Unless you've been asleep for the past 4-5 years, you've heard about XML. I have been working in it extensively since mid-2001 developing XSL Transforms, XML Schemas, XML storage, and a variety of other things before there seemed to be any helpful O'Reilly books on it.
XML (and WebServices) was initially hyped to be the “ultimate solution” that would allow all applications to talk and play well together. It was believed that everyone would convert to 100% XML-based data structures and all systems would be able to communicate smoothly. After a bit of sobering up and thought, it was finally figured out that XML is just another potential data structure that could be passed along… much like comma seperated values.
(Before I get flamed for this one, please understand that I know XML has some huge advantages over CSV. It can be validated via XML Schema or something like Schematron. It can be treated as a regular string or parsed via SAX or DOM. It is platform/architecture neutral. It serves as the core of WebServices. Huge benefits? Yes. Silver bullet? No.)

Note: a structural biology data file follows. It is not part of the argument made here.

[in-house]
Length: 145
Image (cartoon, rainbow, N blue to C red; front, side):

XML seems to be making a resurgance through those who missed the first boat. The number of XML books seems to be increasing, the discussions are heating up, and the phrase Service Oriented Architecture (SOA) is catching on. In my last position, my boss seemed to believe that XML was the Next Best Thing(tm) and constantly spoke of “building a 100% XML application”. Then again, they were caught in the .Net/Office upgrade cycle, so I know the source of this one…
What developers must realize is that XML is yet another tool in our tool sets. It offers some advantages over other tools, but has some weaknesses over other tools – such as relational databases. It is not in itself a solution, but simply another possibility.